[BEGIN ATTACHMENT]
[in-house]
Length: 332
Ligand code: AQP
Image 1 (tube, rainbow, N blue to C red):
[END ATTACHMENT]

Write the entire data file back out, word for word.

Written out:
[in-house]
Length: 332
Ligand code: AQP
Image 1 (tube, rainbow, N blue to C red):